This guide also gives direction on how to integrate two existing and increasingly popular ways to aggregate distributed energy resources into DERMS; namely, virtual power plants (VPPs) and microgrids. VPPs and microgrids are often thought to be different names for the same thing, but they are entirely different entities.
VPPs have no fixed boundaries and are formed for the sole purpose of aggregating DER to enable bulk power sales. They can be problematic for the grid because the VPP operators don’t take transmission reliability constraints into account, and they also don’t always necessarily understand the process of power dispatch, which is fundamental to grid management.
By contrast, microgrids have fixed boundaries and their output feeds a utility’s local distribution system. Unlike VPPs, they can “island,” or disconnect from the grid if necessary, to ensure that they can deliver critical loads within their boundaries when needed.
In addition, a growing number of small to mid-sized DER facilities are being connected to the transmission and sub-transmission systems. This requires their coordinated management by the transmission system operators to enable their safe and reliable integration in the grid. IEEE 2030.11 also addresses the management of those DER facilities.
Benefits to Multiple Stakeholders
IEEE 2030.11 is intended to set forth guiding principles, provide a common language and define core functionalities for a DERMS to a wide range of stakeholders, including vendors, utilities, energy service providers, developers, standards organizations, and governing bodies.
For utilities, the guide shows how to develop a more sophisticated DER integration capability than currently exists, offering a more detailed view of the grid structure and enabling utilities to develop the specific solutions needed to operate their systems safely and reliably in the presence of high penetration of DER.
For aggregators, IEEE 2030.11 describes everything needed to interact with the power grid safely and reliably in order to conduct business, while strongly emphasizing the need and responsibility for strong cybersecurity processes and practices.
For businesses, campuses, and individuals, IEEE 2030.11 enables them to more easily maximize the value of their rooftop or other generation resources, by selling their excess power to an aggregator, rather than simply giving it away to the local utility.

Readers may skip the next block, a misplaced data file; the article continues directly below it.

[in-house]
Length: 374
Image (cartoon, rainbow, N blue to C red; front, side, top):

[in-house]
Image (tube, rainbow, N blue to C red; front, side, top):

The growing number of large-scale solar and wind power installations pose meaningful challenges for grid operation. A case in point was the sudden, unexpected loss of about 1,200 MW of solar power generation capability in California in 2016 – enough power for more than 10,000 homes – as a result of the Blue Cut wildfire.
As the penetration grows and technology of inverter-based resources evolves, specifications and standards are needed to address performance requirements. The IEEE P2800™ Wind and Solar Plant Interconnection Performance Working Group was established to build a consensus on the requirements for inverter-based resources interconnected with transmission and sub-transmission systems.
Another key task is to look at ways to incorporate DERMS into the coming electrification of transportation. To that end, the IEEE P2030.13 Working Group has a goal to provide a guide for the development of a functional specification for fast-charging station management and control systems for electric transportation, including energy management and grid-interaction functions.
– Geza Joos, IEEE 2030.11 Working Group Chair
– Anthony Johnson, IEEE 2030.11 Working Group Vice Chair
– Robert Cummings, IEEE 2030.11 Working Group Vice Chair
– James Reilly, IEEE 2030.11 Working Group Secretary
– Jon Grooters, IEEE 2030.11 Working Group Participant